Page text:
Several formulations were used for injection into the eye. Sodium fluorescein was prepared at 600 μg/mL for SCS injection and 6 μg/mL for intravitreal (IVT) injection (NaF, Sigma-Aldrich, St. Louis, MO). The higher concentration for SCS injection was used because, in an SCS injection, the NaF is in a thin region and trapped between tissues, making it harder to pick up the fluorescence signal. Dextrans of 40 kDa and 250 kDa tagged with fluorescein isothiocyanate (FITC, Sigma-Aldrich) were prepared at 1.5 mg/mL. Bevacizumab tagged with Alexa-Fluor 488 was dissolved in Hanks' Balanced Salt Solution (Mediatech, Manassas, VA) at a concentration of 1.5 mg/mL. Bevacizumab was labeled using an Alexa-Fluor labeling kit (Invitrogen, Carlsbad, CA) with 5:1 Alexa-Fluor 488: bevacizumab molar ratio. Particles of 20 nm, 500 nm, 1 μm, and 10 μm diameter (FluoSpheres, Invitrogen) were suspended in an aqueous medium at 2 weight % solids, except for the 10-μm particle suspension, which contained 0.2 weight % solids.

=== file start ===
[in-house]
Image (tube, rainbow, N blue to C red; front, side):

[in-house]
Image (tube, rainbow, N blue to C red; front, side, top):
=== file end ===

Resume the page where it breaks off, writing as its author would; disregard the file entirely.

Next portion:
All experiments were carried out using New Zealand white rabbits and were approved by the Emory University Institutional Animal Care and Use Committee. Practices complied with the ARVO Statement for the Use of Animals in Ophthalmic and Vision Research. Animals were anesthetized with an intramuscular injection of ketamine and xylazine before injection of a formulation within the eye. Animals were euthanized with an injection of pentobarbital through the ear vein as necessary for histology.